Even after these changes, field tests made during training exercises with the prototypes showed that the 57mm gun that the turret was designed around proved severely underpowered. As the engineers already expected this, and faced with a long stay in the Gulag if they could not fix this (if they were lucky), they set out to find a way to fit a bigger gun on the tank.

After a hectic period of redesigns (where most of the engineers practically lived in their offices), the team managed to finish a proposal for a redesigned turret carrying a 76.2mm cannon in less then a week after the first official trials had finished. The new turret design was hastily constructed and installed on some of the prototypes. The engineers were just about to start placing a new turret on the third vehicle, when an political officer came into the factory carrying recently approved orders that demanded the engineers produce a new and more powerful design. Surprised that the engineers had already managed to do exactly that, he quickly suggested to his superiors that they should put the tank in production. After more field trials, the T-40 was put into service and designated T-40/76 Sokha, or "plough".

The new design proved very effective in the many border skirmishes and internal conflicts the Soviet Union faced between the first and second World War. While these conflicts lacked the tank battles the T-40 was designed for, it still managed to leave a mark on history here.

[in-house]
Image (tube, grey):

Another important observation that the political officer relayed to his superiors was the ease at which the T-40 could be adapted to accommodate new weapons. While this partially ignored the huge amount of work that the engineers had put into the design, the T-40 could indeed be modified quite easily. As a result, many experimental weapon loadouts were created. Except for the usual 76.2 mm cannon, which was later replaced by a new turret (and later hull upgrades) that supported 85 and then even 100mm guns, the T-40/45-2 variant of the Sokha can be considered as one of the most historically most important, as it introduced a the concept of a twin gun turret (in this case two 45mm guns), some even came full circle and were equipped with the 57mm the original prototype mounted. The high rate of fire that this design could maintain did much to popularise the concept of twin barrelled tanks in Soviet military doctrine.

The T-40 would not see any tank on tank combat until the start of the Second World War. Here the Sokha really showed what it was capable of, even as the design started to show its age. However, Stalin considered the T-40 to be completely outdated (something most commanders quietly disagreed with), and ordered most of them scrapped, their guns dismounted and fitted onto self propelled guns, and the remaining parts molten down to produce more Anvils.

This meant that only a small number of the T-40s that were originally produced remained in service. However, the Soviet Union had produced so many T-40s that most tank divisions still possessed one or two battalions of T-40s, though these were mostly relegated to scouting or combating light tanks. Whilst these tanks had avoided being scrapped, in most cases the 76.2mm gun would have been removed, so they would have to be refitted with other weapons, generally upgrades such as 85mm guns or later the much more powerful 100mm or conversions into tank destroyers or self propelled artillery.

KV-1 Heavy TankEdit

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KV-1 Heavy Tank
A KV-1
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A KV-1, circa 1935, with a fine view of the S-54 gun
(Minor) faction(s) SovietLogoThumb Soviet Union
Type Heavy Tank